Roll from the far edge towards the edge with the 1" edge


Slice and place in baking dish
Let rise again
Bake in preheated oven of 375 for approximately 30 min

Loretta's recipe for Artisan Bread, try it, it sounds yummy.

County Style Rustic Bread

I love any kind of bread. I love baking bread. It is so basic, with just a few ingredients magic happens. Nothing compares to the smell of just baked bread. For years, I have been baking Artisan Bread in 5 Minutes  By Jeff Hertzberg and Zoë François. More recently I tried Jim Lahey’s rustic bread recipes. Both are no knead and require a long rise, up to 18 hrs. I love both of these methods and will continue to make them but as usual I just had to see what would happen if I wanted bread now, not tomorrow. This bread. Crusty outside, chewy inside, home baked bread.

You will require a heavy cast iron dutch oven
2 ½ tsp instant yeast
3 ½ c. unbleached flour
2 tsp sea salt
2 tsp sugar
1 1/3 c. warm water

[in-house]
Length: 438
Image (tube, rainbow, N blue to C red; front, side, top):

Add all dry ingredients in mixer with dough hook. Stir in water and continue mixing until a dough ball forms, pulling away from side of bowl and sticking to itself.  Knead the dough in mixer for 3-4 minutes. Then place the dough ball in a large bowl that has been lightly coated with oil, cover with plastic wrap, and allow to rise for 1 hr (until doubled in size). Sprinkle a large piece of parchment paper with flour. Using well floured hands, dump out dough and shape and tuck into a rough ball. You can also fold it over a couple times on a well-floured surface. It doesn’t have to be perfect; just keep tucking the dough underneath until you have a semi-smooth dough ball and place in middle of parchment paper. Cover with towel. Put your cast iron pot with lid on in oven @ 425f for 20 min.  Slash the top of your bread when ready to bake. Don’t be wimpy. Make several deep slashes any design. Be very careful and remove HOT POT. Place parchment and dough in pot, replace lid and into the oven for 30 min. Remove lid and continue to bake 10 more min. Please let bread cool before cutting. Then go find the butter.